Who Makes Sunglasses

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Who Makes Sunglasses

Table of Contents


Sunglasses are one of the most ubiquitous fashion accessories found across the globe. The eyewear industry generates over $100 billion dollars annually. With demand massive and brands innumerable, one question always arises – who makes sunglasses?


Who Makes Sunglasses


In this comprehensive guide, we are the best quality sunglasses manufacturers uncover the major players involved in sunglass manufacturing and what each one contributes to bringing shades from concept to finished product. You’ll learn about:

  • Optical companies that design lenses
  • Frame producers that manufacture the frames from materials
  • Third-party factories contracted for assembly
  • Branding dynamics between designers, licensors, and licensees
  • Major vertically integrated corporations that control the optical supply chain
  • Hidden manufacturers that create products for various labels
  • Distribution logistics to bring sunglasses to market
  • Retailers large and small that sell the eyewear to consumers
  • The future of innovative direct-to-consumer brands

By the end, you’ll understand the many custom sunglasses manufacturers collaborating to create the sunglasses we all enjoy wearing. The supply chain is far more complex than one might expect. Let’s dive into the shades!


Chapter 1: Sunglass Lens Manufacturers


Sunglass lenses provide crucial protective and optical functions. Most frame brands don’t actually produce their own lenses. Instead, they source lenses from specialized wholesale optical manufacturers. Here are the major players:


The French multinational EssilorLuxottica is the world’s largest lens producer controlling over 25% global market share. It produces a wide variety of lens options from standard plastics to polycarbonates to advanced photochromic and polarized films. Essilor lenses are sold both directly to retailers and to other major eyewear companies.

Carl Zeiss

The 170-year-old German optics specialist Carl Zeiss is another leader in precision lens manufacturing. Renowned for optical expertise, Zeiss makes lenses featuring its proprietary Teflon Clear Coat technology and polarized film offerings.

Hoya Vision Care

The Japanese conglomerate Hoya is the 3rd largest optical company globally. In addition to diverse lens products, Hoya is uniquely vertically integrated – it makes both lens blanks and finished lenses. This consolidation of production allows greater quality control.


Who Makes Sun glasses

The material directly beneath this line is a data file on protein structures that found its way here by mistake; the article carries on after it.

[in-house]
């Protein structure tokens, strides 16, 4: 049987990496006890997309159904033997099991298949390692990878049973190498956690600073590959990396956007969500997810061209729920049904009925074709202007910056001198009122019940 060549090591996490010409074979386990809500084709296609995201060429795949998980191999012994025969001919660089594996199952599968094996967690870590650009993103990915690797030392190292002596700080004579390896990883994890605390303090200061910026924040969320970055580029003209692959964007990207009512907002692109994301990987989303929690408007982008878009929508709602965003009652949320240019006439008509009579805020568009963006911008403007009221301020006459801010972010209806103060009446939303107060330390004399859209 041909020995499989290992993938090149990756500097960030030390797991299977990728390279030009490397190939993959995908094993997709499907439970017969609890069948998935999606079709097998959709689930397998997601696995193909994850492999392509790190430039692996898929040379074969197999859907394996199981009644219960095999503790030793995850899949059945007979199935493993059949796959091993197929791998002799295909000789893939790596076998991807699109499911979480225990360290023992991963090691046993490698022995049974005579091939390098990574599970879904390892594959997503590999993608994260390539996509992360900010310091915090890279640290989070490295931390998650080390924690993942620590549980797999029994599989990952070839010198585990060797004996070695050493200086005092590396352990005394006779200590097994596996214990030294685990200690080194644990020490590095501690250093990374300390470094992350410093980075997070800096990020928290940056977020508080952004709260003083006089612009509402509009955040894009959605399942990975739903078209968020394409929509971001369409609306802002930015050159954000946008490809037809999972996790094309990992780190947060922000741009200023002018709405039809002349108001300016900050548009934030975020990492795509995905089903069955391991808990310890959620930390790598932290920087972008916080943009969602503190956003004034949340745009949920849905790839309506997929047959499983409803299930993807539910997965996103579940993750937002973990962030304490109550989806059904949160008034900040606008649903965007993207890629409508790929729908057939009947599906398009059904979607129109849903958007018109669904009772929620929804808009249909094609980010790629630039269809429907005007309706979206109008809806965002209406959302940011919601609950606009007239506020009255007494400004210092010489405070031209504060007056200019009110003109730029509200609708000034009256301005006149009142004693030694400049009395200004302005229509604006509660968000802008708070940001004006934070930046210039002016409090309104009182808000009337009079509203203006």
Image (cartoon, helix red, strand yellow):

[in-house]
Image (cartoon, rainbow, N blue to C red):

Other Lens Makers

Beyond the top three, other significant lens manufacturers globally include Seiko Optical Products, Younger Optics, OptoTech, Shanghai Conant Optics, and Satisloh. Most focus on their own proprietary technologies whether coatings, tints, or fabrication methods.

The Big Three Dominate

While smaller specialists fill niches, Essilor, Zeiss, and Hoya comprise over 60% of the optical lens market. Their scale allows the production of lenses cost-effectively. Most sunglass companies source base lens blanks from one of these giants and then add their own treatments.

Now let’s look at sunglass frame manufacturing…


Chapter 2: Sunglass Frame Producers


Sunglass frames constitute intricate components that greatly impact comfort, fit, and style. Many brands outsource frame fabrication to specialized factories with advanced molding and machining capabilities. Notable frame producers include:


The Italian eyewear behemoth Luxottica owns its own frame production facilities. With the largest integrated frame operations globally, Luxottica can produce over 130,000 frames per day in various plastics and metals. This allows rapidly supplying frames to Luxottica’s owned brands like Ray-Ban and Oakley.

Marchon Eyewear

This American company produces frames and distributes them to prominent third-party fashion labels like Calvin Klein, Lacoste, and Sean John. Marchon operates 15 global factories churning out millions of frames annually. It focuses intently on quality control.

Marcolin Eyewear

Another Italian frame producer, Marcolin manufactures designer eyewear for brands like Tom Ford, Balenciaga, Moncler, and Sportmax. It specializes in intricate designs leveraging advanced prototyping technology and specialty materials.

Other Producers